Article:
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Debating the Economics Of The 2022 World Cup; Qatar's Suitability and Controversy.

Along the Southern coastline of the Arabian Peninsula, the world’s leading oil and gas producer, Qatar, has revealed signs of a struggling economy over recent years. The gas-rich nation’s GDP experienced significant contractions during the 2020 pandemic, with net negative real economic growth of -3.6%, which has only recently started to recover. This and the fact that the economy’s historical growth rates have followed trends of decline from a peak of +28.1% in 2006 to a present +3.4%, has meant that the ambition to host the 2022 World cup has imposed great uncertainty.


After the 2014 Brazilian World cup, Qatar was chosen as the tournament’s next host. Reasonings for this are highly argumentative – some forwarding its benefits of being a small country with fantastic stadiums and transport whilst others have suggested that it has been selected based on bribery between FIFA officials. Regardless, Qatar will be the first Arab nation to host the World cup hence the nation showcasing the Middle East to the world.


Construction for the World cup began in November 2015, which has incidentally coincided with declining trends of GDP per capita (constant LCU) not previously witnessed. Drops of near twelve per cent – according to World Bank data - are seen between 2015-2021 after peaking in 2011.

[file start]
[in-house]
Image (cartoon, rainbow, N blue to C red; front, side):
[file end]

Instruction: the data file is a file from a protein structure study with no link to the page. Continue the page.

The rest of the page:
Once looking at economic data for Qatar, this trend is rather unsurprising.


Between 2015 and 2019, the economic growth percentage declined incrementally from 3.7 to -0.2. Industrial production has slowed from 2.1 to -1.7 and, despite the non-energy sector remaining relatively stable, its main exports of oil and gas showed net declines once again in 2019 onwards after a brief two-year positive between 2017-2018.


The key takeaway from this is that Qatar’s economy, at present, is struggling and, with the World cup date growing ever closer, the nation has and will continue to feel a sense of urgency to invest further money to achieve its completion deadlines despite its well-documented controversies and economic bottlenecks.  


Qatar’s suitability as a host country remains debated but largely dire; with harsh migrant working conditions, slavery allegations, deaths, and upward costs of approximately £138 billion or sixty-times what was spent during the South African 2010 World cup all in addition to existing cultural and political issues.


It can be said that despite the optimistic vision for the tournament to benefit the Middle east’s domestic and international recognition, its precarious economy and well-documented hospitability concerns are indicating that it may bring short-term benefits but mostly long-term negative repercussions.


The first match between Qatar and Ecuador commences on November 20th at 4 pm GMT and ends at 3 pm GMT on the 18th of December between the final victors. Until that final day, Qatar will be leading the World cup regardless of its disputes, costs, trade-offs, and economic struggles.

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